Becoming An English Communications Major

“Dear Diary,

Yesterday, I turned fifteen years old. In my culture, when a girl turns fifteen we have a party called a “Quinceanera”. It is a coming of age ceremony.  Yesterday, I received and got to wear my first pair of high heels. I’m short and they made me feel powerful because I was finally tall. If I could, I would wear them every day to feel powerful…”

This was part of my last entry that I wrote in a diary I had kept since I was ten years old. For five years, I wrote down memories, feelings, and thoughts into a Lisa Frank diary.  I remember writing about buying my first lipstick, having my mom buy me my first bra, my first kiss, etc. Most entries in the diary were memories that made me feel like I was growing up.

I stopped writing in it towards the middle of my sophomore year in high school. That was the year that I got my first job. In the morning, I would go to school, then attend soccer practice, and go to work at 6:30. This was the routine I followed until the last week of my senior year. It became hard to keep up with my diary.

When I got to Armstrong, being a first generation college student, I had no idea what academic future to create for myself. I chose a major that did not interested me, but would provide me the most money in the future. I grew up in a lower class household with a single mother. She always wanted me to be a doctor, lawyer, or anything that would pay above six figures.

That is why for my first academic year I was a declared biology major and took thirty-six credit hour. I hated it. I spent all day studying for exams in which I could not get A’s in. I knew I needed a change.

Before my sophomore year, I decided I was going to have to switch majors. So, I started thinking about subjects that interested me. I thought about my childhood and how I would always excel in my writing and literature classes. I thought back to the diary I used to write in every day. It occurred to me that I liked writing. I just didn’t know what type of writing I liked to do. Thoughts like those made me decide to switch my major to English Communications.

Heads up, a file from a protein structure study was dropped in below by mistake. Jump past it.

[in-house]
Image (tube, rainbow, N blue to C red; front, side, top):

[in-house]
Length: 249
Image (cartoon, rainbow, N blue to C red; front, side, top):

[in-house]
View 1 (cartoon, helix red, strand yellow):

When declaring an English Communications major, a person must choose one out of the four tracks in communications: Creative writing, Journalism, films studies, or technical communications. Neither creative writing or film studies caught my attention, so I decided to give Journalism a try.

In Spring 2016, I took a speech communications and a newswriting course. I found it interesting that both had similarities. In speech and news writing I was taught to introduce the “lead” at the beginning of a presentation or story. As I kept practicing this type of writing, I developed a penchant for it.

At the end of the semester, I received an A for both courses. I put in a lot of effort in both courses not only for the grade, but because I was genuinely interested in the material being taught. That is when I had the sudden realization that I enjoy writing non-fiction. I like writing about how-to do things. I like to inform people on current events and news. I like to write about new places opening around town. I like to write about my surroundings.

People say curiosity and experiences make a great journalist. It may be true. I am always looking to learn from my surroundings and experiences. Once I experience something (good or bad). I want to remember it forever. Currently, I do this by journaling like I did when I was ten and by writing for newspapers. Writing non-fiction allows me to record the experiences of others and mine. This is why I am an English Communications major with a focus in Journalism.

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